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  1. #1

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    March 28, 2008: Real Buildings that Inspired Disney-MGM Studios, Part 3

    It's now Disney's Hollywood Studios, but it was Disney-MGM Studios when it opened in 1989.

    Last year, I published Real Buildings that Inspired Disney-MGM Studios, Part 1, comparing five Disney versions to actual Los Angeles area "originals." Last week, I published Real Buildings that Inspired Disney-MGM Studios, Part 2, with six more examples.

    Here's Part 3, with six more examples — this time from the Sunset Blvd. section of the park.


    Please discuss it here.
    Werner Weiss
    Curator of Yesterland, featuring discontinued Disneyland attractions

  2. #2

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    Re: March 28, 2008: Real Buildings that Inspired Disney-MGM Studios, Part 3

    Werner... I have to say that this series of articles was one of the coolest things I have ever read about any Disney property. I grew up in Los Angeles and am at least casually familiar with many (though not all) of the buildings you highlight. Honestly, when we went to the Hollywood Studios park in FL last summer, it really didn't hit me that all those buildings in the park were modeled after the real ones in SoCal (having not lived there since 1992). Now I want to go back, print your articles, and just enjoy some time appreciating the architechture. Again, an awesome, awesome series (yours and Steve's articles on the railroad are my favorites, hands down).
    -Tony

  3. #3

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    Re: March 28, 2008: Real Buildings that Inspired Disney-MGM Studios, Part 3

    I agree with tonyrr1. I too was born (late 40's) and grew up in Los Angeles and many of the buildings that are gone now were around when I was a kid and a teen. I also never actually made the connection that the buildings in the parks were modeled after real buildings. Next time I go to DCA I will look at them with new appreciation.

    I went back and read all your previous articles on this subject and want to thank you. I really learned something about the history of our architecture and the time and effort you put into these articles and obtaining the photos to compare (both yourself and the others you mentioned) is truly appreciated.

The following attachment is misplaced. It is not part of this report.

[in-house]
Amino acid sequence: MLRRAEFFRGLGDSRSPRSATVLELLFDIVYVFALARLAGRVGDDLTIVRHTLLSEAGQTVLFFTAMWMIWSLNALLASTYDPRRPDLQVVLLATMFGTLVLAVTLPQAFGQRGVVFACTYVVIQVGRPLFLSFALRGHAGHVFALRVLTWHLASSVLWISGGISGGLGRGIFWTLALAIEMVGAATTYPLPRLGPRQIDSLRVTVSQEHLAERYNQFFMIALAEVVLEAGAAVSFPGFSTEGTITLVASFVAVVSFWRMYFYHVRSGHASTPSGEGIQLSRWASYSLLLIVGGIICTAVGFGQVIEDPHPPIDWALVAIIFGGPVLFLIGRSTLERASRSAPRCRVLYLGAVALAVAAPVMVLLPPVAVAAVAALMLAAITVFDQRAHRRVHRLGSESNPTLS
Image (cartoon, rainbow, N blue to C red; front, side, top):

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    Re: March 28, 2008: Real Buildings that Inspired Disney-MGM Studios, Part 3

    Fantastic!!

    I grew up and still live in L.A. I had sense enough to make a pilgrimage to the Brown Derby and the Carthay Circle Theater (I now live near the site of the original) at my first trip to Disney's Hollywood Studios, last month, but never realized how many other icons of my hometown were right under my nose. It is wonderful to be able to see near-replicas of now-torn-down buildings I never had the chance to see in person.

    Thank you and your photo team for all the research - I think I'm going to create a driving tour of these sites some weekend soon!

  5. #5

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    Re: March 28, 2008: Real Buildings that Inspired Disney-MGM Studios, Part 3

    Werner, what an awesome series this was. Great job!! I, too, recognized some of the buildings having grown up in SoCal in the 70's and 80's. I love your website, and have really enjoyed the out of the ordinary features lately!

  6. #6

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    Re: March 28, 2008: Real Buildings that Inspired Disney-MGM Studios, Part 3

    Thanks for the article! That was an interesting read! I've never noticed how any of the buildings (even though I live in SoCal ) inspired the architecture! I look forward to taking a look when I plan to go back to WDW!

  7. #7

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    Re: March 28, 2008: Real Buildings that Inspired Disney-MGM Studios, Part 3

    I've heard it said that the reason that the Academy Theater got rid of its signature spiral swirl around the sign tower was that during storms, rain would collect at the top, build up speed as it sloshed down the spiral, and finally empty at the bottom with a big SPLOOOOSH. Has Disney's version fixed that problem?

  8. #8

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    Re: March 28, 2008: Real Buildings that Inspired Disney-MGM Studios, Part 3